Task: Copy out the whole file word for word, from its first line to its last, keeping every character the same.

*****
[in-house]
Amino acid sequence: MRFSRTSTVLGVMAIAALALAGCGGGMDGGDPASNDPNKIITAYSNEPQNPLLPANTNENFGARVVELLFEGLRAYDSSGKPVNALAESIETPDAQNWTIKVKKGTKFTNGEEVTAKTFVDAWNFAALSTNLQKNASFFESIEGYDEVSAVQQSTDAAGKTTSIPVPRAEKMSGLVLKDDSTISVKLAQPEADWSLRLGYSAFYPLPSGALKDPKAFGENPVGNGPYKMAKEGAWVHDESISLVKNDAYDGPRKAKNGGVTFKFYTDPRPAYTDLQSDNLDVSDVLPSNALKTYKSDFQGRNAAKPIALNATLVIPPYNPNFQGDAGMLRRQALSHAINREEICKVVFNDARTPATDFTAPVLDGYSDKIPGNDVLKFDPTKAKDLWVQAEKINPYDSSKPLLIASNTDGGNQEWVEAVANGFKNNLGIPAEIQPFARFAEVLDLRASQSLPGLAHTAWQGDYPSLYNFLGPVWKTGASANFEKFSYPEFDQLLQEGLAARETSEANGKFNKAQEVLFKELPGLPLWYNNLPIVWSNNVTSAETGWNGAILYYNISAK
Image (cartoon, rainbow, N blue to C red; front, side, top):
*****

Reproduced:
[in-house]
Amino acid sequence: MRFSRTSTVLGVMAIAALALAGCGGGMDGGDPASNDPNKIITAYSNEPQNPLLPANTNENFGARVVELLFEGLRAYDSSGKPVNALAESIETPDAQNWTIKVKKGTKFTNGEEVTAKTFVDAWNFAALSTNLQKNASFFESIEGYDEVSAVQQSTDAAGKTTSIPVPRAEKMSGLVLKDDSTISVKLAQPEADWSLRLGYSAFYPLPSGALKDPKAFGENPVGNGPYKMAKEGAWVHDESISLVKNDAYDGPRKAKNGGVTFKFYTDPRPAYTDLQSDNLDVSDVLPSNALKTYKSDFQGRNAAKPIALNATLVIPPYNPNFQGDAGMLRRQALSHAINREEICKVVFNDARTPATDFTAPVLDGYSDKIPGNDVLKFDPTKAKDLWVQAEKINPYDSSKPLLIASNTDGGNQEWVEAVANGFKNNLGIPAEIQPFARFAEVLDLRASQSLPGLAHTAWQGDYPSLYNFLGPVWKTGASANFEKFSYPEFDQLLQEGLAARETSEANGKFNKAQEVLFKELPGLPLWYNNLPIVWSNNVTSAETGWNGAILYYNISAK
Image (cartoon, rainbow, N blue to C red; front, side, top):